Well, as with most DIY projects, there are a lot of little things that are done for benefit of the sole person that will ever notice. And that sole person is the maker. So, dressing something up is for no other reason then for the maker’s personal pride. And does the reason really have to make sense to anyone other then the maker?

    Yes, there is a risk that “VOCs” (volatile organic chemicals) may attack the glues used on the drivers.
    So, if you find "VOCs" to be a concern then you don't have to use them. There are a lot of low or no "VOCs" materials available.

    Baron030

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    Senior Member jcrobso's Avatar
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    Yes the weather changes in Chicago are varied and extreme at times.

    I have a set of C-40 cabinets I made in 1969, I never treated the inside and they are fine. John

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    Senior Member DavidF's Avatar
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    Quote Originally Posted by Loren42 View Post
    I am confused as to why you would want to. There is no one inside there, is there?..."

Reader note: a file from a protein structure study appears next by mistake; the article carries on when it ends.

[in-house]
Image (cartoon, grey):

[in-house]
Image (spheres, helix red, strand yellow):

I paint or apply some type of sealant to lock down the dust that I know lingers after the sanding and trimming work.
    David F
    San Jose

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    Ha Ha... Well, you have a point. Not going to show off the inside so maybe I won't be so fancy if I paint... I was just going to do it to seal the wood. I don't think that I will do it. You convinced me that it isn't going to make a difference and I certainly don't want to do anything to damage the drivers...
    JBL doesn't paint the inside of their cabinets...

    Thanks for the advice,
    Tom

  8. #8
    Senior Member 4343's Avatar
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    Cool

    Quote Originally Posted by Loren42 View Post
    ...
    You are paying extra money and time to dress up something no one will ever notice. It is like painting the inside of your walls.
    I worked with a master craftsman building his house to put my self through college, and there are places inside walls that could stand to be painted. We painted the bottom and sides of the T&G decking before putting in on, the framing, and the inside of the wall sheathing on the lower level. (The house was on a levee, so the lower level was below the river level.) Replacing drywall after a flood is much easier if your framing and exterior is mostly dry...
    Of course he told me we missed the end-grain on the frames by painting them after nailing them together, so he wasn't completely anal! Two sump pumps with battery backup notwithstanding.
    Mike Scott in SJ, CA
    Drive 'em to the Xmax!

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    Thumbs down

    Well, Lets hope the water doesn't rise that high... I don't think it would float, way to heavy.

  10. #10
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    Best to apply a coating. A very safe, cheap one is 1:1 diluted woodglue. Cheap, fast, easy, and soaks in. Just don't make a pond inside your speaker.